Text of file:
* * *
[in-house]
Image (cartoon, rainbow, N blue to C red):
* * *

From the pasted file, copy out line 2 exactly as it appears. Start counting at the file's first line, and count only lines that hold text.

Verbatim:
Image (cartoon, rainbow, N blue to C red):